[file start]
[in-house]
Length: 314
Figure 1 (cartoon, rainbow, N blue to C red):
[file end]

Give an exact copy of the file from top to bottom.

[in-house]
Length: 314
Figure 1 (cartoon, rainbow, N blue to C red):